Gaming’s Greatest Story? Craig Mazin, showrunner of the acclaimed Chernobyl (2019) and co-creator of HBO’s The Last of Us alongside Druckmann, called the original incarnation “the greatest story that has ever been told in video games.”6 And while that can certainly be debated, there is no denying that Naughty Dog’s The Last of Us was a watershed moment in the history of video games. Were there ever any doubts that the medium could produce gripping and mature dramatic storytelling on par with the “prestige format” television series popular in the early 2010s, those doubts were quelled with the release of The Last of Us.
In the original story, a mutated form of the Cordyceps fungus7 spreads rapidly throughout the United States, turning its human hosts into aggressive, cannibalistic creatures. Joel (voiced by Troy Baker), who lost his daughter during the initial outbreak, is a smuggler in this strange new world, working alongside his partner, Tess (Annie Wersching). Joel and Tess are tasked with smuggling a young girl, Ellie (Ashley Johnson), to a group of rebel militia known as the Fireflies, who lead the resistance against the totalitarian government.
What the characters come to learn, however, is that Ellie is infected. Yet her body is resistant to the infection. In fact, a cure with the potential to save the world could very well be locked inside her DNA. This positions Ellie as a kind of Christ-figure, and Joel as her lethal guardian. But the real emotional core of the narrative is the developing relationship between the two of them, as Ellie comes to find in Joel the father she never had, and Joel finds in Ellie the chance to succeed in protecting the daughter he failed decades in the past.
All of this leads to one of gaming’s most memorable finales, when Joel realizes that a chance at saving the world means that Ellie will have to die. He then makes the decision to save Ellie, effectively robbing the world of its chance at a cure to save the life of the girl who has become, for all intents and purposes, his surrogate daughter. The boldness and rich emotional conflict of the video game’s final sequence elevated the already great material well above the traditional genre fare, delivering a complex and complicated narrative that was unafraid to wrinkle the morality of its protagonists in ways that made complete emotional and psychological sense, despite being inherently selfish in motivation. In doing so, The Last of Us was propelled almost immediately onto lists of “greatest video games ever made,” collecting numerous coveted “Game of the Year” awards from a variety of outlets.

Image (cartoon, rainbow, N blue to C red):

Friends and Family. The HBO adaptation of The Last of Us is religiously faithful to the source material. Much of the dialogue and even some of the camera angles are lifted straight from the game’s script. This, no doubt, comes as a result of Druckmann’s direct involvement in the development of the series.8 What has been expanded, however, are the backgrounds and stories of many of the side characters that Joel, played by Pedro Pascal, and Ellie, played by Bella Ramsey, meet on their trek across the United States.
Characters like Bill (Nick Offerman) and Henry (Lamar Johnson), who play key roles in the video game, are developed further in the series, to the point where they steal the show in their respective episodes, in which Joel and Ellie appear more or less as side characters. By deepening the development of these other characters well beyond the limitations of the video game medium, Mazin and Druckmann create a world that feels lived-in and fleshed out. When these kinds of characters show up, their stories come across less like they are there simply to service moving Joel and Ellie from point A to point B, and more like Joel and Ellie have walked into lives and dramas unfolding outside of the scope of their personal journey. This lends The Last of Us a sense of focus, intentionality, and attention to detail that is frequently missing from video game adaptations.